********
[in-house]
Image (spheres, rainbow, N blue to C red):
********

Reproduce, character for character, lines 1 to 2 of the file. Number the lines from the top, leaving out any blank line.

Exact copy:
[in-house]
Image (spheres, rainbow, N blue to C red):